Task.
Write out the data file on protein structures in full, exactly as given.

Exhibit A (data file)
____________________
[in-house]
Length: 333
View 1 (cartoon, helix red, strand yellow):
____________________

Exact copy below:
[in-house]
Length: 333
View 1 (cartoon, helix red, strand yellow):